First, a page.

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  1. #11
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    We have two large dogs. Nobody loves our DD and takes care of her better than our dogs. They're so smitten.

  2. #12
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    Default Big dogs and a newborn

    We have 2 huge dogs, I thought I'd never hear the end of it when I was pregnant with my 1st baby "those dogs will have to go outside now" "they'll stand on him" "they'll bite him" so on so forth. Anyway DS is now 2.5 and loves them to death and vice versa. We just gave the dogs things to smell of DS while I was in hospital and then let them sniff him a lot when we got home, never left them alone together (they don't know their weight and could easily stand on him). They were such good dogs to start with which helps.

  3. #13
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    I think it depends a lot on the temperament of your dogs. Our dogs are hyper, jumpy, overly excitable nutbags and yes, they would happily stand on someone and not even realise. They also have a licking problem. So we kept them away from DS when he was tiny. They were allowed to see him and hear him but they were kept away and not allowed to touch. As he got older, we slowly introduced him, first being held or sitting on our laps and eventually he got to the point of actually playing with them. They love him, but I would never leave them alone with him and they have accidentally knocked him over plenty of times too.

  4. #14
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    I got a rescue dog when DD was 2 and a bit. He had only been around kids a little bit so I was anxious. The first time he met her he jumped on her and I told him 'down, she's just little'. It took him about 45 mins to get it and he never jumped on her again. He is a wolfhound kelpie cross and the biggest threat is his tail which he wags so hard that if you get hit, it hurts. Now that she talks well I get her to take his food bowl outside, she tells him to sit, wait and then eat. If he doesn't do what she says she waits until he does. She also feeds him her crusts and stuff on the sly which I turn a blind eye to. She does get a bit annoyed though that he won't eat the veges she doesn't want to eat herself! And whilst I keep an eye on them I will still find her bed empty and she's gone to sleep on him in his bed. The worst he has done to her is growled one time in the car. I knew she had done something and she told me she had tried to squeeze milk out of his nipples When we go to the dog park he will run around as usual but if he sees certain dogs getting to close to her he will growl at them or walk circles around her to protect her.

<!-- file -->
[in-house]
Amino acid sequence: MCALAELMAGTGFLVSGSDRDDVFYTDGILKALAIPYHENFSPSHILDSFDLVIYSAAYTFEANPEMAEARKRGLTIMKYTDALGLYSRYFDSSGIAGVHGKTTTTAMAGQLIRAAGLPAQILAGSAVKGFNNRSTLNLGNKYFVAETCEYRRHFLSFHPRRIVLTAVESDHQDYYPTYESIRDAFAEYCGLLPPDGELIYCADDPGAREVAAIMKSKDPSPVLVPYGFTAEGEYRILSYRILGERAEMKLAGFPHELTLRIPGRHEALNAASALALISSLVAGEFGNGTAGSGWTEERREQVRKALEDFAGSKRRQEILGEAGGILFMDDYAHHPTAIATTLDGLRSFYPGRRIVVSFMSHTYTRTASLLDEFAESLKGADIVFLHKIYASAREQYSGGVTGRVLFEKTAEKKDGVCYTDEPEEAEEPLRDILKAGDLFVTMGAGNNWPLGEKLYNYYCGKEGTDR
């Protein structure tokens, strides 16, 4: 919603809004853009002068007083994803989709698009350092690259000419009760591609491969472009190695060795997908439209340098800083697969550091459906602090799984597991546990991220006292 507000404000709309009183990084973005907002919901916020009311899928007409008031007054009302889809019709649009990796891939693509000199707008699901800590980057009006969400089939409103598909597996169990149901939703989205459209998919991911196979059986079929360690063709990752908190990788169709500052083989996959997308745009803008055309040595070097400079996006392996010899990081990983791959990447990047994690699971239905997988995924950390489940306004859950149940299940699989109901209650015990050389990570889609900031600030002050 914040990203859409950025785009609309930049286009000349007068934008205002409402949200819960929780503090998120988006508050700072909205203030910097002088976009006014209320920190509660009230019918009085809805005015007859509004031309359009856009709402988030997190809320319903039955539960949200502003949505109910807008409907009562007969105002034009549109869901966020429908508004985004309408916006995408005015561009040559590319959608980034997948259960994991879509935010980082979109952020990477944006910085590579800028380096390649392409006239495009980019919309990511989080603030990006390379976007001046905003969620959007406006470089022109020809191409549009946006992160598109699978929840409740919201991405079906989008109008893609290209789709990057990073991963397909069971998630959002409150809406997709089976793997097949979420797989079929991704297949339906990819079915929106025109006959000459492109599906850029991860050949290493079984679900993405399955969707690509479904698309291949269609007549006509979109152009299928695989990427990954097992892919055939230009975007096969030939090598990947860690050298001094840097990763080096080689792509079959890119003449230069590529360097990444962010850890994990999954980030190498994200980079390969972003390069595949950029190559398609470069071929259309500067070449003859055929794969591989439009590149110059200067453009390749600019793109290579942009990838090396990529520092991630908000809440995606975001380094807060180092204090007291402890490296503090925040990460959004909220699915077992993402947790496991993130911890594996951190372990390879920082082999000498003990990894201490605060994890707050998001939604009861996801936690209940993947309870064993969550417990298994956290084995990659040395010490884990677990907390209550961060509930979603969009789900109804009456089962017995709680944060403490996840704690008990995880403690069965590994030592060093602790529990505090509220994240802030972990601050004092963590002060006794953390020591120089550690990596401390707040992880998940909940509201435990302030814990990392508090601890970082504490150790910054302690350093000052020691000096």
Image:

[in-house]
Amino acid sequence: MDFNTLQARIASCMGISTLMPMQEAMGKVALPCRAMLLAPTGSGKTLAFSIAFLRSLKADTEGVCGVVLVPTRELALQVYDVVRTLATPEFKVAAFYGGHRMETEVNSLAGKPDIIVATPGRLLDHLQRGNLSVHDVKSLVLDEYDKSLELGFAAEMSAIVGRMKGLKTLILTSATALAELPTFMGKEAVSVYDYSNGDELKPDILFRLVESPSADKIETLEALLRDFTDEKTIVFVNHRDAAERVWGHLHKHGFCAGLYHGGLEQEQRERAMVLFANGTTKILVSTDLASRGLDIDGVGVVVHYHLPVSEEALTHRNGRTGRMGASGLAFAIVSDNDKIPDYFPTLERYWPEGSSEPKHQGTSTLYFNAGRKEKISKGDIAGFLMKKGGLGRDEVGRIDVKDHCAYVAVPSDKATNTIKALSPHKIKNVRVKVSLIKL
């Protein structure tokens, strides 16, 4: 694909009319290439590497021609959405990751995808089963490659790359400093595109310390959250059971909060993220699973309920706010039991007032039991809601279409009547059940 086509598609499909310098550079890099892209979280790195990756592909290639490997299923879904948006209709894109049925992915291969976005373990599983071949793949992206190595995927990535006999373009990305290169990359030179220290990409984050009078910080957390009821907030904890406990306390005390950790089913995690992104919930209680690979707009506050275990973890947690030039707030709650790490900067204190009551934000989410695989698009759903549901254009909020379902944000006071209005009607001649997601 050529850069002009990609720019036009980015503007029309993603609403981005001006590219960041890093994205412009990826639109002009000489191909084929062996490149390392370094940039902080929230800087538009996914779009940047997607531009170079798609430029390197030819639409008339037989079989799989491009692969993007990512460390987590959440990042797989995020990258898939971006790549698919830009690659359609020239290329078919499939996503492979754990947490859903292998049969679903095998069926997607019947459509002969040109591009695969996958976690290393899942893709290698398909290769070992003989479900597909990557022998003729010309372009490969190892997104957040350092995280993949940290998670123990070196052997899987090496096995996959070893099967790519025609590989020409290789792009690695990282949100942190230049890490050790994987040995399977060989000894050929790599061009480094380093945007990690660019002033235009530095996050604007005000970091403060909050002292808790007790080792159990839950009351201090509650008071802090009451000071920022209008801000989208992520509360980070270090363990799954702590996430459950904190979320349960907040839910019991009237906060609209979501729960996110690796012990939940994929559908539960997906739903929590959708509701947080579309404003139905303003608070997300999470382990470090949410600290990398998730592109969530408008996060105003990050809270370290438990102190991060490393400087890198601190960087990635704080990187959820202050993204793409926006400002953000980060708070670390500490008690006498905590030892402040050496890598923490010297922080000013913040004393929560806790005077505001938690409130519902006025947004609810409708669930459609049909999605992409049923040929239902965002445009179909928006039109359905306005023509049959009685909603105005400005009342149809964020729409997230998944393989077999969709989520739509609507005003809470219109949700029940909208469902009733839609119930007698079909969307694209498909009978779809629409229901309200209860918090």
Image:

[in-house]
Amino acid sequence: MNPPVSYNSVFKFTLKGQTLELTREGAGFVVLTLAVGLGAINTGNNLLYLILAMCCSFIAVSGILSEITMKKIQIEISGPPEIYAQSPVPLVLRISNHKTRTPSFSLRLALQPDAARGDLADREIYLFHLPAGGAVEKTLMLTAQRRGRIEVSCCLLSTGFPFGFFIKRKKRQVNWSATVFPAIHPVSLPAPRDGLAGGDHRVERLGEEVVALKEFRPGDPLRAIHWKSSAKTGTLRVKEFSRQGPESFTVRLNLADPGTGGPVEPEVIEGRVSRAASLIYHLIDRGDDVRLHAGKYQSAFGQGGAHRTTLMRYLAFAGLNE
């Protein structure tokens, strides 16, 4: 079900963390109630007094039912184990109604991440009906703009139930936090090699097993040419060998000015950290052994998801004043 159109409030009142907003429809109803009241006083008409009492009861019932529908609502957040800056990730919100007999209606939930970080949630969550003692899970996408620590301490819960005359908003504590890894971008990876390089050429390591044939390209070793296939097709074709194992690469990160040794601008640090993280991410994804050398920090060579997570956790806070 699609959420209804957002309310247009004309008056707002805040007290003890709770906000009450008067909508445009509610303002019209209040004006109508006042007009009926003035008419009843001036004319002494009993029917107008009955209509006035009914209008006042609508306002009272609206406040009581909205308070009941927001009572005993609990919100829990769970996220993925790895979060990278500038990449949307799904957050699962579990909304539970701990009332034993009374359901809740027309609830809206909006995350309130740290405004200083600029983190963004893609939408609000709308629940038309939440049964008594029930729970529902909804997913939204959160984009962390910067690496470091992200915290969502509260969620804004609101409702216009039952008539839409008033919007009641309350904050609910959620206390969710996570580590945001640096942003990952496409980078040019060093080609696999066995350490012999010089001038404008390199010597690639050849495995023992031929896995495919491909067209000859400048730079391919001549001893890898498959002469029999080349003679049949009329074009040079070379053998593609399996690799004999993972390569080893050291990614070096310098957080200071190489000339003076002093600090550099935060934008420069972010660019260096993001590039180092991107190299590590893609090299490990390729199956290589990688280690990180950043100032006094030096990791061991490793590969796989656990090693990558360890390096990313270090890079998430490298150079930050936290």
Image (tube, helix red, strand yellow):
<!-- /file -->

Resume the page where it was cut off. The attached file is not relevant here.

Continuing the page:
I agree with a pp. You do have to establish that she is senior to the dogs but also include them in the family unit as they always have been. Dogs do get jealous and you wouldn't want them to feel that towards your child. A trainer told me she bought a stash of treats for the first few months and everytime the dogs went near her newborn she would quickly give her dog a treat so the dog associated the baby with something positive. I found one of the most difficult things was getting the dog used to my dd's stroller and walking beside the stroller on a lead. He hated it for ages but will now go and wait beside it for a walk.

  5. The Following 3 Users Say Thank You to BbBbBh For This Useful Post:

    bezzy  (20-04-2015),gypsychild  (20-04-2016),tazz475  (13-02-2015)

  6. #15
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    Default Big dogs and a newborn